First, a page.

by: Joelle Charbonneau
Yes – that is a lofty title to this particular post. Perhaps too lofty for me to accomplish alone. However, I’m going to take a whack at it in hopes that if I miss something someone will come to the plate and take their own swings.
Aside from the start of the major league baseball season, last week featured a terrible online moment for authors/writers/bloggers. You might have seen it. A blog featured a review for a self-published author that wasn’t entirely favorable. The author then decided to confront the reviewer in the comments section of the blog. Actually, the author commented more than once and was not only confrontational, but a bit classless. Word about the review and the author’s reaction spread over social media, as it has a tendency to do, and within hours there were over 300 comments posted. The author’s book also took a beating over at Amazon in the reviews section pulling 1 star reviews from people who were commenting on her online behavior and not on her writing.
We’ve talked about reviews here at DSD. Reviews are part of life. Good, bad, indifferent – authors have to deal with reviews and they are under an obligation to themselves to deal with them professionally. In the old days (yeah – I’m referring to less than ten years ago here), an author would get reviewed, tell all their friends and readers about the good ones and mourn the bad ones with a gallon of double fudge chocolate ice cream. If you didn’t subscribe to the trades, you never saw the review. Nowadays there is nowhere to hide. Social media spreads the word about good and bad – and let’s face it – it spreads the word about the bad much, much faster. Had the author from this week’s review meltdown kept quiet, the review would have basically gone unnoticed by the book reading universe. Her friends would never heard about it. Almost the entire pool of potential readers would never have seen it. The world would have moved on.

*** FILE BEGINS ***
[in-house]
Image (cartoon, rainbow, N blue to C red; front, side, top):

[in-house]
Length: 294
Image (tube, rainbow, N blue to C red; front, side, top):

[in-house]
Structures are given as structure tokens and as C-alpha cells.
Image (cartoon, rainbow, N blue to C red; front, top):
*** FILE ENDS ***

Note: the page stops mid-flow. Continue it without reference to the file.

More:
So here is my list of dos and don’ts for authors. Yes, some of these might seem totally obvious, but hey this week demonstrated that maybe for some they are not.
1. Keep your emotions and your conflict on the page – writers work hard at ratcheting up those things in their manuscript. Readers love emotion and conflict when it is central to your story, but they don’t belong as part of your public author persona.
2. Never put anything in writing online that you do not want to follow you for the rest of your career. A piece of paper can be burned but the internet is forever. Agents, editors, bloggers, booksellers and readers all can and do use Google. Trust me – you don’t want them finding this stuff.
3. Don’t create fake accounts on Amazon or on other review sites just to bump up the number of good reviews. Yes, people do this, and, yes, people get caught.
4. Always think twice before hitting send on any post be on Twitter, Facebook, a blog, e-mail or anywhere else. Refer to rule #2 for the reason.
5. Do not create a Facebook or Twitter account if you know you cannot control your emotions. This doesn’t make you a bad person or a bad promoter. This makes you self-aware.
6. Call your friends, family or favorite pizza place when you get a bad review. Never share that disappointment in public. It makes you look bad.
7. Never post on a blog where an author has created an unprofessional spectacle of themselves. You do not want your name associated with that kind of train wreck in any way, shape or form. With that in mind, you also don’t want to post Amazon reviews as a way of kicking an unprofessional author when they are down. Get out of the way of the train, watch it pass by and move on.
8. Posting a reviewer’s home address or phone number on Twitter (or anywhere else) and telling your fans to contact the reviewer to disagree with the review is never a good idea. (I wish this one had never happened, but a NY Times Best Seller did this. She has since heeded rule #5.)
9. Remember the Golden Rule. How you treat others online will determine how you are perceived. Does this mean you can’t disagree with people? Hell no! The best discussions I have on Facebook and Twitter are ones where there is heated disagreement. But it is the manner in which you argue and fight and even how you agree that is important.
10. When in doubt, turn off the internet and write. Hey – we’re writers. That’s what we’re supposed to be doing.
Well, that’s my list. What rules on your list did I fail to mention?